In this short video, we demonstrate five simple yet highly effective ways to prepare your soil to give your crops the best possible start this spring.
The secret behind successful harvests is soil that’s in top-notch condition and packed full of organic matter (such as garden compost, animal manure or leafmold). Organic matter improves soil structure, enriches soil, and feeds the vital microbial life within it.
When adding organic matter to bare soil, spread it out evenly before tilling it in to the top six to 12 inches of your soil. You can also add organic matter around crops by spreading it between plants as a thick mulch two to three inches deep. It will gradually be incorporated into the soil by earthworms and other beneficial soil organisms.
Mulching with organic matter is the best way to enhance the fertility and structure of the soil around perennial plants such as fruit bushes and strawberries. It will also help minimize evaporation from the soil, which means less watering is needed and plants will be more able to cope with dry spells.
No-dig gardening is a growing method which suits narrow beds, such as raised beds. Avoiding digging helps to build a healthy soil ecosystem which enhances plant growth, and avoids the need step on the soil and risk compacting it. To make a no-dig bed, first lay sheets of thick cardboard on the soil to suppress weeds, then spread a four to six inch thick layer of organic matter over the top. Regularly add organic weed-free mulches to feed the soil. These will be ‘dug in’ by the thriving earthworm population.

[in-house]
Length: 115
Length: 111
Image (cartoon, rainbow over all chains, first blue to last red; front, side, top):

Avoid Weeding in Winter
Overwintering annual weeds can be left untouched to develop into a mat of foliage that will protect the soil from erosion and heavy rain, in the same way that a cover crop would. ‘Weeds’ can be wild plants such as chickweed or bittercress, or self-sown salads like mache (corn salad). Hoe these annual weeds off spring before they have set seed. You can leave them on the soil surface, dig them into the soil, or add them to the compost heap.
Grow Your Own Comfrey Soil Enhancer
Comfrey has long roots that pull up minerals from deep in the soil. This means that comfrey leaves are high in essential plant nutrients, so when cut they’re great for feeding your soil and your plants. The variety ‘Bocking 14’ is best, as it doesn’t spread as aggressively as other varieties. It’s usually grown on its own or alongside a compost heap. Cut comfrey leaves can be used to mulch around greedy plants such as tomatoes, or they can be dug into the soil. You can also make your own liquid fertilizer out of comfrey leaves. When diluted with water it can be used to feed fruiting vegetables such as tomatoes, peppers and squashes.
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